Calorie Counting

Calorie Counting

Calorie Counting
I was asked recently what I would wish for if I ever encountered a Genii in my kitchen.... 

I have decided I would wish for a full reimbursement for every penny I have ever spent on food.  I don't dare actually count up how much this treasure would amount to, however I think I could comfortably live out my days without ever having to don the garb of work again.

I am frequently flabbergasted how the cost of food fluctuates – a few years ago I was buying a few kilos of lamb shanks (often for my dogs!!!) for about the same cost as a loaf of bread, that has now more than trebled.  Conversely, mangoes used to be a much awaited Summer treat, sliced finely and quaffed with a dollop of ice-cream and nothing more; now they are so cheap and readily available it is possible to have mangoes regularly in a vast array of recipes.

For some products there is a premium for which I am entirely prepared to pay; free-range chicken and eggs, meat and poultry, vanilla beans and saffron – these are all justifiably expensive.  Growing a single vanilla bean and bringing it to market, for instance, takes longer than a human pregnancy.

Calorie CountingBeing a bit of an obsessive foodie I am also prone, however, to the odd dalliance with high end markets and gourmet shops – some of which stock items readily found in supermarkets just presented in an entirely more aesthetic fashion (to which I am partial).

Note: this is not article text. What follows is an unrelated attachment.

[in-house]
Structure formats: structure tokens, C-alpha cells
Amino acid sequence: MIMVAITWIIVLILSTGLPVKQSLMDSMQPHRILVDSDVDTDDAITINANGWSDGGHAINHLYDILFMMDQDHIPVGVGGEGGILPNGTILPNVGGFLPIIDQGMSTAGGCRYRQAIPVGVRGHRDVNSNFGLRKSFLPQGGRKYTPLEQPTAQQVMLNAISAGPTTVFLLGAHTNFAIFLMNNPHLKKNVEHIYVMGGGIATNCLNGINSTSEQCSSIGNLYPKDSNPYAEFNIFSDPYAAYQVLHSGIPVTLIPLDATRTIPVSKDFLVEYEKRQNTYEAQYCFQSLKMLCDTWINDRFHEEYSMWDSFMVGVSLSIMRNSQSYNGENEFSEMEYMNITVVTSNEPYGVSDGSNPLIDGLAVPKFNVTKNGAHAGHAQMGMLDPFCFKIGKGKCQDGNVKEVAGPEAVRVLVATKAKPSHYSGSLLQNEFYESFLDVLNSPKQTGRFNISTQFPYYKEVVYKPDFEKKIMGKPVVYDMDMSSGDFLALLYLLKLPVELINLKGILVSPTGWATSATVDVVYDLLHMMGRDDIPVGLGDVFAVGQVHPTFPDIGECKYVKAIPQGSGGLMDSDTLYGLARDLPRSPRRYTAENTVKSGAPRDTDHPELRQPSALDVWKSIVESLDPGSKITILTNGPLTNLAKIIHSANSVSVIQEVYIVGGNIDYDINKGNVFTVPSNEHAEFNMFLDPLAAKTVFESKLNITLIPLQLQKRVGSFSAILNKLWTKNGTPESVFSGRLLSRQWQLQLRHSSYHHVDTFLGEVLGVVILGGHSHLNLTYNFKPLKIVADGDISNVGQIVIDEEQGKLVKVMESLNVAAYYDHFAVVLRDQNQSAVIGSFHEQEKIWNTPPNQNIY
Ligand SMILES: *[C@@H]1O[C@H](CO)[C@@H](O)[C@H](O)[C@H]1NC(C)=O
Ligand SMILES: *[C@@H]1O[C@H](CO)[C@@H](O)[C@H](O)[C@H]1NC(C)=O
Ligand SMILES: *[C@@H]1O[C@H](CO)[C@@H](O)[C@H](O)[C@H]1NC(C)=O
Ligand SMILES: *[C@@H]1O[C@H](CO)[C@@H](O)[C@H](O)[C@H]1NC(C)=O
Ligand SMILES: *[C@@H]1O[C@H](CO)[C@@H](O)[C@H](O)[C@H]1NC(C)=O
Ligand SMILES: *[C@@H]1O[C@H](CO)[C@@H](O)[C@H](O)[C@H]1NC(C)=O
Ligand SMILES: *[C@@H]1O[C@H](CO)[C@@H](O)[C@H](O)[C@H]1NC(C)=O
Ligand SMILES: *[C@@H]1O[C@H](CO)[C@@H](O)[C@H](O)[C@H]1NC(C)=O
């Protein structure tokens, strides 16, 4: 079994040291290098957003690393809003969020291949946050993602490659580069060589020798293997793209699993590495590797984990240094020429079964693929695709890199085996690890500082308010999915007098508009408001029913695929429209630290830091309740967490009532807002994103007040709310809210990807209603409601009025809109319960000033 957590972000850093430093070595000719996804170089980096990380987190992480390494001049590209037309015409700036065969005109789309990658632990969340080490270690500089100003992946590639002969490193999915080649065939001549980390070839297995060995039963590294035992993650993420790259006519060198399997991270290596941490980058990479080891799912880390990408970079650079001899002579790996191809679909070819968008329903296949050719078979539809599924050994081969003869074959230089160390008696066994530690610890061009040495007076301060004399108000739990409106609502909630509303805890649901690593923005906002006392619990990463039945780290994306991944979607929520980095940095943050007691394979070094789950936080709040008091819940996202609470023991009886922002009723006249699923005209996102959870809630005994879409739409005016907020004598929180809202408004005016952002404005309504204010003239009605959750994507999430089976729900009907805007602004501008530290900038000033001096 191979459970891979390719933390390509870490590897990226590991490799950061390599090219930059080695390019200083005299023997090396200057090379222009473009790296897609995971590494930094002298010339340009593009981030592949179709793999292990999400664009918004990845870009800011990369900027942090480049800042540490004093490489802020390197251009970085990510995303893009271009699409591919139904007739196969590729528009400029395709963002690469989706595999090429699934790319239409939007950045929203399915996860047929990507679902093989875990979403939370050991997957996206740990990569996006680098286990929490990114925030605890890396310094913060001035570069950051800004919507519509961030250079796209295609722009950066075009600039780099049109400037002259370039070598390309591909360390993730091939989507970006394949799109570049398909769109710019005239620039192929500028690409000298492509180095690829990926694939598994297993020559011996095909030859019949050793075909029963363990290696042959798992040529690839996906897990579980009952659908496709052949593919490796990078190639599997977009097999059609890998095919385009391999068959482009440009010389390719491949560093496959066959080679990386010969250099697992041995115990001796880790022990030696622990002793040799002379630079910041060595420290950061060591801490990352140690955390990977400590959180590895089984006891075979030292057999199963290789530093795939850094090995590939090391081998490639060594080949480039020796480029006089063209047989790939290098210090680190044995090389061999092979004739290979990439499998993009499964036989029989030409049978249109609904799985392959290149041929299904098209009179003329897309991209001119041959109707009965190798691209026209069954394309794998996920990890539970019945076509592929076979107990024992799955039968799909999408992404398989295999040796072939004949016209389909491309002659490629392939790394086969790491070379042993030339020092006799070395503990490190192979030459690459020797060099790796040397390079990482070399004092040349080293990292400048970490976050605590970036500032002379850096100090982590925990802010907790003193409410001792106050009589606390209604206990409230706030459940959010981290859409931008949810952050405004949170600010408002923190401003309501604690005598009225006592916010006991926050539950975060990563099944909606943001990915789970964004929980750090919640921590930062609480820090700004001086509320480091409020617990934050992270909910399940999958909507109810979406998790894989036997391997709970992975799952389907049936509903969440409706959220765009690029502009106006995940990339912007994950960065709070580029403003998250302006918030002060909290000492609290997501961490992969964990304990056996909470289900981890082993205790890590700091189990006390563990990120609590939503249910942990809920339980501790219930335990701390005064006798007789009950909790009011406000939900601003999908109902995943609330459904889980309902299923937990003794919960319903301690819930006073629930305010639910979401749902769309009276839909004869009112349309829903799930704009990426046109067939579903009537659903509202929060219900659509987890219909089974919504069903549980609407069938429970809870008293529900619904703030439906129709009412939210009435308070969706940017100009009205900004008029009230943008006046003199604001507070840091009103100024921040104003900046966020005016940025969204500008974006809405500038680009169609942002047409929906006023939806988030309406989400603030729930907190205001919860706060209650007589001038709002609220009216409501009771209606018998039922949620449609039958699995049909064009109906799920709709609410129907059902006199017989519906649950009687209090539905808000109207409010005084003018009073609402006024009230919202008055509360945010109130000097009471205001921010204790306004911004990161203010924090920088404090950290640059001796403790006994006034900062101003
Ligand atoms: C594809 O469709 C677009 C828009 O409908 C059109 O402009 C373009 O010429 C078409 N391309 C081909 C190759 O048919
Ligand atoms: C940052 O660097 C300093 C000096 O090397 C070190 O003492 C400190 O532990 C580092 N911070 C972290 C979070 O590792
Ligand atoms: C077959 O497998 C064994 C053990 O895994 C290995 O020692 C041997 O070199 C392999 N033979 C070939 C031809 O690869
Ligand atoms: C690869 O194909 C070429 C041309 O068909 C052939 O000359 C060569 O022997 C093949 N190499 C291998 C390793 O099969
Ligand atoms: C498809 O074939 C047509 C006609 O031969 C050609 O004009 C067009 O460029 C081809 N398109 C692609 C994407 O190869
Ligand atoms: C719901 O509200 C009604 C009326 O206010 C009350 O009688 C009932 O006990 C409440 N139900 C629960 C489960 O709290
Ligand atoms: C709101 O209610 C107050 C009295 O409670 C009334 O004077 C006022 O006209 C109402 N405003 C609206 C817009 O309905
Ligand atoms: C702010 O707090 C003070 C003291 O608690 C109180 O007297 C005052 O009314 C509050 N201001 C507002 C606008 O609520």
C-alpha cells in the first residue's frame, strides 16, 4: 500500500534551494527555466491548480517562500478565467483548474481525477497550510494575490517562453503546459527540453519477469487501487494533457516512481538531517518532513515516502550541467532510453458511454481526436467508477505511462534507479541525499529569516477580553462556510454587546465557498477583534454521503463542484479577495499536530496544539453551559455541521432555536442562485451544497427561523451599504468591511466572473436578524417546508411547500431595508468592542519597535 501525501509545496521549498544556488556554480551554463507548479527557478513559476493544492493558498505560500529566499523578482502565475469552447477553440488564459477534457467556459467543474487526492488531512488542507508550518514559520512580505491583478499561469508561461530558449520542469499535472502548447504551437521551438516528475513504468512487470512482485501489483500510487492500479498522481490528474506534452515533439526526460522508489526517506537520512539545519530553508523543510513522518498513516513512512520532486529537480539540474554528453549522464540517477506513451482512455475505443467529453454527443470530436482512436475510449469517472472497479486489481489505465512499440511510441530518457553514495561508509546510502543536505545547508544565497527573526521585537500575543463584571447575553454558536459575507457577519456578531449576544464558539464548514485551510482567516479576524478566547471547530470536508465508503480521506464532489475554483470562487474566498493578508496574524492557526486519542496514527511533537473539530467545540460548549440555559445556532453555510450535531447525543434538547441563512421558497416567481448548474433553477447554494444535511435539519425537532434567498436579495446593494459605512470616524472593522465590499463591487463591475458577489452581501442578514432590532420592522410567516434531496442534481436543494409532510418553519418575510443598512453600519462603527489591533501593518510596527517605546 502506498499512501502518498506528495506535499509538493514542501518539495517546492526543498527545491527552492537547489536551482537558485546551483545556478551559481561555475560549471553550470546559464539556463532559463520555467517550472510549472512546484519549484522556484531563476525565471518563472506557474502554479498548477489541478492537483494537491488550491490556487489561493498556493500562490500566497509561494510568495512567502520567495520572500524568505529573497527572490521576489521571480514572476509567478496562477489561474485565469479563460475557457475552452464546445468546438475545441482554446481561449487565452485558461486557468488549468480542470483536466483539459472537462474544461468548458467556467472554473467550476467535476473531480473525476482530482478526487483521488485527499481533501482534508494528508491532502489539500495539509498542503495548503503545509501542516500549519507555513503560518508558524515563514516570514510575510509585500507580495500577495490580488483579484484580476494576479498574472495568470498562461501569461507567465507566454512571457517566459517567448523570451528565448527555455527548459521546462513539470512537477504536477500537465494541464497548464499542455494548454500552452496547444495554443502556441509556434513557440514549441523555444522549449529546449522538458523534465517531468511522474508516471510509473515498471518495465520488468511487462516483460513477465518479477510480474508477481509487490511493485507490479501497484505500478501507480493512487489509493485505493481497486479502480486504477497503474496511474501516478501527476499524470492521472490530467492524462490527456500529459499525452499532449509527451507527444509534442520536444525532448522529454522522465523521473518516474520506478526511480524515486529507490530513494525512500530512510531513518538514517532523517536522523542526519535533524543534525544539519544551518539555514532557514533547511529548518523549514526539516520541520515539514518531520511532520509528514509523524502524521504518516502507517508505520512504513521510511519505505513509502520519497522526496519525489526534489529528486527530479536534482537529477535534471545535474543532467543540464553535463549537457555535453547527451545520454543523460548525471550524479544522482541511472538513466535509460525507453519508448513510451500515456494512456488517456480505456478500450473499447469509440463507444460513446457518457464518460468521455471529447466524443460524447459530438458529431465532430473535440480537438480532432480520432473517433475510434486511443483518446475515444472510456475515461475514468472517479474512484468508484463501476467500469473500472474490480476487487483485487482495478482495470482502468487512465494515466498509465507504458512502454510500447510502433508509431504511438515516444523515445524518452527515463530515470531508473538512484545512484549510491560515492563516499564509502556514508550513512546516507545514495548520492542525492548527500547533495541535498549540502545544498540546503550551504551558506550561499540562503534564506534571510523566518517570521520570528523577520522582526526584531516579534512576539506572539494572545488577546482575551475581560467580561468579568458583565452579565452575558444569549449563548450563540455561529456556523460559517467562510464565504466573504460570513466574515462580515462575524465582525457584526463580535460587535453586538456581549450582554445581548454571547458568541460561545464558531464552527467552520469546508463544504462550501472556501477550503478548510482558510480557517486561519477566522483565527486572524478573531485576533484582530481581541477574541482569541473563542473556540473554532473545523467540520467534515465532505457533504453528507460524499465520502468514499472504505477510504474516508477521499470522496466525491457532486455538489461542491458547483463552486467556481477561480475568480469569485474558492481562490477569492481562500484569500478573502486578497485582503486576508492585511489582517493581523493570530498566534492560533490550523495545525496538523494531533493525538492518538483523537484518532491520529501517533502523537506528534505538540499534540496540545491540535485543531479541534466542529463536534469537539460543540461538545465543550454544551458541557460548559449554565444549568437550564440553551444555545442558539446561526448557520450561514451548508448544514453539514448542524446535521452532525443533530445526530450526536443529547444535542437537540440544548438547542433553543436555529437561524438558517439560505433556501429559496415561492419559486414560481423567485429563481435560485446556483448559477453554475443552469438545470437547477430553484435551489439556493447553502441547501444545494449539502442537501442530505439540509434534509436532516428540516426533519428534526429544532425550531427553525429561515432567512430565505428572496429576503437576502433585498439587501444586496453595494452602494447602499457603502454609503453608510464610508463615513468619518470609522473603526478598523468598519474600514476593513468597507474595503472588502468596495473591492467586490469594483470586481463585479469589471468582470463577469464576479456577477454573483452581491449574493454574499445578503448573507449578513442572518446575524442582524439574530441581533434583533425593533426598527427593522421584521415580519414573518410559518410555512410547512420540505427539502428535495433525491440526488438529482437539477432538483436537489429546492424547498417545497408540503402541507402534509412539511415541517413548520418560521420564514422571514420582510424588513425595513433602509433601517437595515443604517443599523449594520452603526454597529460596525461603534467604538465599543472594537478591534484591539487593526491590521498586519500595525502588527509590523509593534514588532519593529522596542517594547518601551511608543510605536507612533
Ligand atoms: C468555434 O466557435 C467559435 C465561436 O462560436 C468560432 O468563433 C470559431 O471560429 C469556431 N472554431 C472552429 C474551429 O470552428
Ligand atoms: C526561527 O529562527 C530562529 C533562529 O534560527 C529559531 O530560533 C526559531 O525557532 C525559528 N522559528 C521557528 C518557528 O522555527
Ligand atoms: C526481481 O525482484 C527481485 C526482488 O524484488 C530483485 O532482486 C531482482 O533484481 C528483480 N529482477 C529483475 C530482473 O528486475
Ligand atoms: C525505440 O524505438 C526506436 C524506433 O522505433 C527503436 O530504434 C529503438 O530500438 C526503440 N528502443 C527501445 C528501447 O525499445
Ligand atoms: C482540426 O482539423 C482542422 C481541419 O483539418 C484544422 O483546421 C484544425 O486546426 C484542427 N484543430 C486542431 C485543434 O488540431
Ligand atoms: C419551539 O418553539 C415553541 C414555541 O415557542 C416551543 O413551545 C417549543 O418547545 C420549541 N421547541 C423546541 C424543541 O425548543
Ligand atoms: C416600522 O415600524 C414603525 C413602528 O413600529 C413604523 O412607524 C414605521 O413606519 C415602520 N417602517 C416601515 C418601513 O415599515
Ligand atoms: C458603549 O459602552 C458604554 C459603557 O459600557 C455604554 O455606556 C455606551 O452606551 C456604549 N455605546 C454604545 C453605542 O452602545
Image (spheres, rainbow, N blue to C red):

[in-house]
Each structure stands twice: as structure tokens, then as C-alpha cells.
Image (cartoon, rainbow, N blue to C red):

Now don't get me wrong, as I said I am happy to hand over the cash for something special, something exceptional, something artisan, something ethically raised.....  but I see no reason to pay double the normal price for tinned tomatoes, just because the shop I am in only uses über posh paper bags – you know, the ones you want to keep and then use as your lunch bag at work, just to discreetly advertise your sophisticated shopping habits (even though you know you only purchased there once, every other time you just drooled over the cakes and artisan breads until the counter staff started to look twitchy, like security was on the way....).

Even when money has been pitifully tight, I have found a way to happiness through food and through sharing with others -  it is the one little pleasure that can be so easily achieved.  It has seen me through some trying times and has helped rekindle friendships I had thought lost, so for that I am grateful for my kitchen obsession, whatever the financial cost.   I can honestly say the times I have spent breaking bread with others are the most precious – even if it was just a university-caf muffin or  a watery coffee from a country café shared on the side of the road, on a Sunday adventure.

Anyway, to the matter in hand...  it is truly mind-boggling to try to catalogue every single food item I've ever purchased... (and for reasons of propriety I have not counted alcohol in this list) ...from sorbets, to dodgy pasties, bread, boxes of pickling fruit, hastily grabbed sandwiches,  Christmas hams, bread, student-friendly cheese rolls, huge tins of oil, tiny vessels of saffron, bread, university-caf soup, warm and buttery French croissants, lamb chops, bread, scallops, bread, sushi, sausage rolls, pickled octopus, sides of beef, eccles cakes, to the jars and jars and jars of condiments ... and more bread..... worse still to consider is how much was wasted. 

I am therefore trying to be more mindful in my kitchen endeavours, not fanatical, just more moderated, less grasping, less extravagant,  perhaps just a little less in general – after all  I sometimes need reminding that there isn't, in fact, a rugby team waiting at the dining table.